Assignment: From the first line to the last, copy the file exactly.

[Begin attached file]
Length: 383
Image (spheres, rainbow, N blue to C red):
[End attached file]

Length: 383
Image (spheres, rainbow, N blue to C red):